James Darrah’s elaborate production provided this mental world with a vivid, concrete shape. Designer Adam Rigg’s creepy all-white room gave way to 24 hanging disco balls to represent the club, and then to the messy squat of Act III; Pablo Santiago drenched the sets with colored light; Molly Irelan did the costumes, which included a childish baby-doll nightgown for Bibi in Act II. Four dancers, in writhing choreography by assistant director Chris Emile, represented the danger and excitement of the world outside the room of forgetting.

As an experience of psychological disturbance, Philip Venables’s “4.48 Psychosis,” at the Baruch Performing Arts Center, makes “prism” look like a walk in the park. Based on the final play of Sarah Kane, who suffered from mental illness and killed herself at age 28 in 1999, “4.48 Psychosis” is 90 relentless minutes of raw pain and mental chaos.

Six women, headed by soprano Gweneth-Ann Rand, speak and sing as the voices of the protagonist; they are often drowned out by the heavily amplified 14-member orchestra (Contemporaneous, conducted by William Cole), which includes saxophones and an accordion. Mr. Venables varies his techniques, but even the musically calmer moments are full of agony. A Baroque-like lament is overwhelmed by strings that wail like sirens; texts of conversations between the patient and her doctor, projected on the wall of the set, are violently pounded out by two percussionists (at one point, the doctor is represented by a snare drum, at another, a saw). A long list of drugs, with their terrible side effects and ultimate failure to make any difference, becomes a litany, accompanied by a rollicking orchestra, that is almost comic in its grotesqueness. A blast from an organ ushers in a moment of religious contemplation and clarity, soon exploded into a vocal and instrument cacophony so extreme that the only recourse is electroshock therapy. Yet through the noise you hear the patient’s longing, however hopeless, for some connection that will allow her to stay alive.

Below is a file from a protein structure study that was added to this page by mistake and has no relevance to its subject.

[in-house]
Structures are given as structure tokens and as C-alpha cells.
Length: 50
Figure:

This Royal Opera House, Covent Garden production, originally staged at the Lyric, Hammersmith in London in 2016, was directed by Ted Huffman.Hannah Clark’s simple set is a shallow white box with three doors, a few chairs and a table (the orchestra is positioned above); D.M. Wood’s stark lighting alternately floods and shadows this bleak world. The six women, all in the same gray sweater, jeans and sneakers, convincingly portray the protagonist’s fragmented mind, whether they are challenging and throttling each other or singing in ensemble. It’s a place where no one could want to live. If 90 minutes is too long, it’s excruciating to imagine what it would be like for years.

—Ms. Waleson writes on opera for the Journal and is the author of “Mad Scenes and Exit Arias: The Death of the New York City Opera and the Future of Opera in America” (Metropolitan).


See:

https://www.wsj.com/articles/portraits-of-pain-at-the-prototype-festival-11547070607